Scaramucci Apologizes for Poll Asking How Many Jews Were Killed in Holocaust

The former White House staffer says 'The Scaramucci Post' poll was published while he was abroad: 'It will never happen again'

Then-White house Communications Director Anthony Scaramucci blows a kiss to reporters after addressing the daily briefing at the White House in Washington, July 21, 2017.
Jonathan Ernst/REUTERS

Former White House Communications Director Anthony Scaramucci  apologized on Tuesday for a poll posted on the Twitter account of "The Scaramucci Post" asking people how many Jews they thought were killed in the Holocaust.

The poll drew hundreds of enraged answers and was deleted less than an hour after being published. Following the outrage, Scaramucci said he had not been aware of the poll's publication and Lance Laifer, a friend of Scaramucci who appeared to be behind the account, apologized for the poll.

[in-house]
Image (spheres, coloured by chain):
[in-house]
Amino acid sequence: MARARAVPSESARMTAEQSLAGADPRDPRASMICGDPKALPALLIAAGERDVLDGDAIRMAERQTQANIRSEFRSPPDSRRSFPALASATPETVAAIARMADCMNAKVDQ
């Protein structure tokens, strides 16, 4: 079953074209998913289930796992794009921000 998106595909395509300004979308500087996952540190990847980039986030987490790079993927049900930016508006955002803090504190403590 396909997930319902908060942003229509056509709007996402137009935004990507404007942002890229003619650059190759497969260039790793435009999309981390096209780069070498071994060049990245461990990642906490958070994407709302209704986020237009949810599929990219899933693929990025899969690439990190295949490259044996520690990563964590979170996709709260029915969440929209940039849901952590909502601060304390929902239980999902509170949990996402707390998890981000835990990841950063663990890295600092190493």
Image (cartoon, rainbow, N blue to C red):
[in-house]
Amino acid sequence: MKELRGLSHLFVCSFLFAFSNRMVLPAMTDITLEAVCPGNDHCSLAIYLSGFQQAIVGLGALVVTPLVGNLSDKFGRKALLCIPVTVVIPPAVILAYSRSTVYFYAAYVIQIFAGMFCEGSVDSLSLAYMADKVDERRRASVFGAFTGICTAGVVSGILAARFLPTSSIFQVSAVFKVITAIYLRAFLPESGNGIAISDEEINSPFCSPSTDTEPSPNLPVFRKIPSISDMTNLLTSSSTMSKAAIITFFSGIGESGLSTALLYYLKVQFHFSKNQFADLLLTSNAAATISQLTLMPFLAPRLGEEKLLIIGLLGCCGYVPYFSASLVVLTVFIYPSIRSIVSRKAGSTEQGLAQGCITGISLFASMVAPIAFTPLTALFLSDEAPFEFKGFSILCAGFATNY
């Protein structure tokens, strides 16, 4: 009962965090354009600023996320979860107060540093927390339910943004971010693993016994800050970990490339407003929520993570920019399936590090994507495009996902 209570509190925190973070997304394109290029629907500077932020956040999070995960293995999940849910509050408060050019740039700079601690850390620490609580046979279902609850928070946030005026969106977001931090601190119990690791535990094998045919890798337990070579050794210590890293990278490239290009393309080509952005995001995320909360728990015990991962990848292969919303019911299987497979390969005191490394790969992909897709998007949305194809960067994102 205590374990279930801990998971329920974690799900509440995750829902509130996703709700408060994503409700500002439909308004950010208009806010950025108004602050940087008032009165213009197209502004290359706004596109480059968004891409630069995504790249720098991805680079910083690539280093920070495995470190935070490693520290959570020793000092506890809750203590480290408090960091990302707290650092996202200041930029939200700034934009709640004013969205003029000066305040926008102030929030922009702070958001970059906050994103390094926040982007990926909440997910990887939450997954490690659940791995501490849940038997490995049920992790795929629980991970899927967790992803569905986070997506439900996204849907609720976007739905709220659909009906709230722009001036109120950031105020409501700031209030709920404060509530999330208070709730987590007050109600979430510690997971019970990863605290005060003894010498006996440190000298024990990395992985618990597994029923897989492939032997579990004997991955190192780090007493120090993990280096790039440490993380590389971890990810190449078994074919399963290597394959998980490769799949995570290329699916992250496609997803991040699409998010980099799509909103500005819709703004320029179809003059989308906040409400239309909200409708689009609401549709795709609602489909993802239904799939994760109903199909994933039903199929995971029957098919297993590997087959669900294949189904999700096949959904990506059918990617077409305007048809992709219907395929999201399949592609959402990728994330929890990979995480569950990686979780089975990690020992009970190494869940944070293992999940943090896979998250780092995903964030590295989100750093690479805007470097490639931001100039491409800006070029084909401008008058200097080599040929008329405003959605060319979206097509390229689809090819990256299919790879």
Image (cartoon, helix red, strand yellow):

Later on Tuesday, Scaramucci published a more elaborate apology on his Twitter account, explaining that, unbeknownced to him, a staffer had posted the poll "to promote Holocaust education and awareness in the wake of an offensive Halloween constume depicting Anne Frank."

He went on to say that he was "pained imagining that my post led anyone to believe I am giving comfort to Holocaust deniers. Nothing can be further from the truth. I have publicly criticized the white supremacy movement and understand that the Holocaust was one of the most abhorrent moments in world history."

While the former White House staffer doesn't directly manage "The Scaramucci Post," he did speak at an event launching the proejct in New York last month. The Twitter account of "The Scaramucci Post" has 24,000 followers.

"If anyone was offended by this act, you have both my sincere personal apology and commitment that it will never happen again," he wrote.